A change in phytoplankton community index with water quality improvement in Tolo Harbour, Hong Kong

ArticleinMarine Pollution Bulletin 127 · October 2017with 75 Reads 
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Abstract
Water quality in Tolo Harbour and Channel (Tolo) has been improved since 1998 after the diversion of sewage effluent. However, it remains poorly understood how nutrient loading reduction has impacted the phytoplankton community. To evaluate this, we applied a Phytoplankton Community Index PI(mp) to the 23-year data (1991-2013) at inner (TM4) and outer (TM8) sites in Tolo, with the former being more eutrophic than the latter. The results show that 1) the phytoplankton community changed with time after sewage diversion; 2) "diatoms and dinoflagellates" were better indicators of nutrient impact than "autotrophic/mixotrophic and heterotrophic dinoflagellates"; 3) the rate of recovery differed between the two stations, but both reached a similar state at a similar time; 4) seasonality of the phytoplankton community showed greater disturbance in spring than in other seasons. Our findings indicate that the nutrient reduction in the Tolo resulted in a positive change in the phytoplankton community.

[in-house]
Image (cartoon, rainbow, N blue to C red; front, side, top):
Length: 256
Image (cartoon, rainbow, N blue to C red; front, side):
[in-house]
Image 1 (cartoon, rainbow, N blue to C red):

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    Tett, P., Carreira, C., Mills, D. K., van Leeuwen, S., Foden, J., Bresnan, E., and Gowen, R. J. 2008. Use of a Phytoplankton Community Index to assess the health of coastal waters. – ICES Journal of Marine Science, 65: 1475–1482. Monitoring of marine-ecosystem status and health requires indicators of community structure and function. As a structural indicator, we propose a Phytoplankton Community Index (PCI) based on the abundance of “life-forms” such as “pelagic diatoms” or “medium-sized autotrophic dinoflagellates”. To calculate the PCI, data showing seasonal variation in these abundances are plotted in “life-form space” of two or more dimensions. Data from a “type-specific reference condition” are then enclosed within a reference envelope. Comparison data are plotted into the same coordinate system, and the PCI is the proportion (between 0 and 1) of these new data that fall within the reference envelope. Results from initial applications of this method are shown for UK coastal waters in the northern North Sea (near Stonehaven), a Scottish fjord (Loch Creran), and the eastern Irish Sea (including Liverpool Bay). The Stonehaven data (1997–2005) were used to compare values obtained from weekly sampling with those from monthly sampling. A spatial comparison between more- and less-nutrient-enriched waters in the eastern Irish Sea (1991–2003) showed little difference in phytoplankton community structure. Loch Creran has experienced a large change in the “balance of organisms”, and hence a reduction in the PCI, between 1979–1981 and 2006/2007, associated with a decrease in chlorophyll but no apparent change in nutrients. These results are discussed in relation to the intended uses of the PCI as an index of biological quality for the Water Framework Directive (WFD) and an index of ecosystem health in the context of eutrophication. Although the method only measures change, it can also be used as an indicator of biological quality if the reference conditions are those defined for a WFD waterbody, and as an indicator of health if appropriately calibrated. Suggestions are made for further development.